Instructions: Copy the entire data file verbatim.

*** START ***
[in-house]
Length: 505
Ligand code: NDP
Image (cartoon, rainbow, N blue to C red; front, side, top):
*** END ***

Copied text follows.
[in-house]
Length: 505
Ligand code: NDP
Image (cartoon, rainbow, N blue to C red; front, side, top):